Being inclusive means engaging stakeholders early and broadly to build shared understandings and expectations.  Responsiveness provides for clear accountability and speed in decision making.  The  challenge is to build governance structures and processes that accomplish both.

Having a relationship with your employees not just rules makes a huge difference in how successful you are!

Achieving the transformative value of becoming a Social Business involves connecting all parts of the organization (including channels, partners and customers) in new ways.  It often requires quite new ways of managing people, flatter organizations, and significant cultural change.  While becoming social provides individual flexibility, it’s important that the change achieves the unifying value for the company  of the new goals and culture. 

A strong governance program facilitates coordinated change.  The governance is led by two complementary leadership groups who’s members include the major “organizational structures” (e.g., LOBs, Finance, Supply Chain, HR, Channel Management,  …). 

The first, the Executive Sponsor Group, defines the strategic linkage and goals   of becoming a social business.  Members are leaders across the organization.  The second is a Digital Council.  These are executives who are responsible for the organization-wide, execution creation of the Social Business plan.  The representatives are often the social business leaders in their respective LOBs and functional areas, which ensures focus on the vertical and horizontal needs.

governance

The Digital Council focuses on the key areas of a social program:

  • Community Management – Provides a common approach to drive change and adoption at and across the LOB and functional level.  It includes actions like community management, Content Management, community analytics, and best practices.  While the focus is value at the  LOB / functional level, the governance processes has a Center of Excellent that shares best practices to create a common social voice and approach across and outside the organization.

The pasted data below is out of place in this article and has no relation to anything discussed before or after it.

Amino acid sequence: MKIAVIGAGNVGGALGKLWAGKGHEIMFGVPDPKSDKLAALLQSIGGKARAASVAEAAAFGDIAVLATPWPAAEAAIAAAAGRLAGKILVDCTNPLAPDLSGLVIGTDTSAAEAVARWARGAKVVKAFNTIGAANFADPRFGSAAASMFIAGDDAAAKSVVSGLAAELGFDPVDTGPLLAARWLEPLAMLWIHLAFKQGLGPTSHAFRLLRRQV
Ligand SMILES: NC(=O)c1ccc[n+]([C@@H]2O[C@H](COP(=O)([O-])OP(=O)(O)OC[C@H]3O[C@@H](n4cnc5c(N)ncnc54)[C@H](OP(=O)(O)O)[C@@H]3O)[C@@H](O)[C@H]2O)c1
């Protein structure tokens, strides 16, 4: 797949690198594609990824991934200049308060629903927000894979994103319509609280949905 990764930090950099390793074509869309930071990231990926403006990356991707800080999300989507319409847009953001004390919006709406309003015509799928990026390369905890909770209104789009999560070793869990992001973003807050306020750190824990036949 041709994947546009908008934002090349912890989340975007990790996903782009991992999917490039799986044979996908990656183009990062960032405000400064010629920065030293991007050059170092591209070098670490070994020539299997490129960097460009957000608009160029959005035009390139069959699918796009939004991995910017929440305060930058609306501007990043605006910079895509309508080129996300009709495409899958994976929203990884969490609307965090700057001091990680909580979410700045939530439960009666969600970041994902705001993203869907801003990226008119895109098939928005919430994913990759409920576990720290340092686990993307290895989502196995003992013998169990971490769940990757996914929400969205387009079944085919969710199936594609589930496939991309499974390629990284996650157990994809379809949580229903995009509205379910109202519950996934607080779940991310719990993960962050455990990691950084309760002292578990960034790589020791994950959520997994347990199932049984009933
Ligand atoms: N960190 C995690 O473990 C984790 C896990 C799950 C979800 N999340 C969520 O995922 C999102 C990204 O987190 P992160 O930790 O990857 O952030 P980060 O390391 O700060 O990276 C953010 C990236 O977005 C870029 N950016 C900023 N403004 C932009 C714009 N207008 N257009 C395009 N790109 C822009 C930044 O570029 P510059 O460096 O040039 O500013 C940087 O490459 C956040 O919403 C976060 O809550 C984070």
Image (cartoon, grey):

• Metrics and Measurement –  Covers all elements of data and measurement.  Starts with analytics / listening to guide the where and how to engage socially.  This includes internal analytics of social networks, expertise, and projects, as well as the external listening and analytics.  This group also is responsible for creating and automating the overall program measurements to track success, progress on the plan, and social return.
  • Reputation and Risk Management – Focuses on 3 main areas:  1. regulatory risk and compliance(if relevant),  social record retention for general discovery, and other legal and financial risks;    2. policies, guidelines and processes for the organization and associates to participate in social media (for example, IBM’s Social Computing Guidelines); and    3. proactively managing the organization’s reputation and having a defined plan to respond to various levels of negative media or emergencies.
  • Standards – This group focuses on process and technical standards for a social business.  While LOBs, major business functions, etc. require the freedom to build their social programs tailored to their needs, the Standards group ensures that the overall company can be nimble in connecting across boundaries in ways not always anticipated.  Standards for brand and ways of connecting with partners, channels, clients, etc. ensure that the company is viewed as coordinated and focused on needs vs. a “collection of parts.”   On the technical side, a common social business framework enables the new ways of working.

 

 

 

Social Business Adoption Best Practice #9: Brand Army!

Happy Monday and grab that coffee!!!

Today’s Social Business Coffee Break is about forming that important Brand Army!

Let me know your thoughts!

Social Business Coffee Break! Adoption Best Practice: Reverse Mentoring

Happy Monday!   This is our 8th Best Practice for Social Business Adoption.

It is all about Reverse Mentoring — a great best practice!

Tell me what you think!

http://tinyurl.com/aptbknh